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OQ Technology puts its first commercial 5g IoT satellite into orbit

Omar Qaise - OQ Technology 16.9.jpg

OQ Technology confirms the launch of its first commercial 5G IoT satellite bringing it closer to delivering IoT and machine-to-machine services using 5G connectivity.

The company successfully launched its Tiger-2 satellite aboard the SpaceX Transporter-2 rideshare mission organised by Spaceflight. It marks the fourth European Space Agency (ESA) for a 5G agile network configuration via satellite, which includes the installation of a new ground station in Luxembourg and its newly established LEO constellation control centre.

“We have made immense progress this year towards solving the continued lack of terrestrial 5G networks and expensive VSAT satellite costs by growing our constellation and ground infrastructure,” said Omar Qaise, CEO of OQ Technology.

“The fourth ESA contract, following the two million Euro contract with ESA in March, shows the continued trust of our partners in our capabilities. And our LEO constellation control centre together with the Leaf Space ground station will be the initial cornerstones for operating our future fleet of satellites as well as other third-party missions.”

Tiger-2 forms part of OQ Technology’s planned constellation that will consist of more than 60 spacecraft to offer 5G IoT services in remote and rural areas. Tiger-2 will be followed by MACSAT, an ESA-supported agile nanosatellite mission dedicated to 5G IoT in LEO.

Once operational, MACSAT which is being developed by OQ Technology and funded by the Luxembourg Government through an ESA contract in the Luxembourg National Space programme LuxIMPULSE, will be able to process a high capacity of 5G enabled devices.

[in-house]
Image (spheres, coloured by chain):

In addition, OQ Technology was recently awarded a contract with ESA under the ARTES programme to provide technical design and development of a system to address advanced 5G network configurations over LEO, MEO and GEO satellites.

“We can offer a cost-effective 5G network for IoT devices by using both mobile 5G chips and a low-cost infrastructure of LEO nanosatellites,” added Qaise.

“This allows us to bring the 5G revolution to countries and communities deprived of the latest developments in the telecommunication industry. OQ Technology is here to change this soon and make digitalisation available everywhere.”

As a result, ESA and OQ Technology will lead a consortium made of the SIGCOM research group in the Interdisciplinary Centre for Security, Reliability and Trust (SnT), University of Luxembourg, and Italian ground segment as-a-service company Leaf Space.

OQ Technology has already contracted Leaf Space to procure and install a satellite ground station and connect it to its LEO Constellation Control Centre in Leudelange, Luxembourg. The Leaf Space ground station, together with its satellite operations capabilities, is due to be installed in Bascharage, Luxembourg, a few km away from its LEO constellation control centre.